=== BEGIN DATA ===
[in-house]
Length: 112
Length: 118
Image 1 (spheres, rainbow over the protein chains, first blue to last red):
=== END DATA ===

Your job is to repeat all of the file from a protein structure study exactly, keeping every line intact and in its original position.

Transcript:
[in-house]
Length: 112
Length: 118
Image 1 (spheres, rainbow over the protein chains, first blue to last red):